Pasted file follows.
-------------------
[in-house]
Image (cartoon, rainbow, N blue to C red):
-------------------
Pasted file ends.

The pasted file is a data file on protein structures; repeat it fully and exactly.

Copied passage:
[in-house]
Image (cartoon, rainbow, N blue to C red):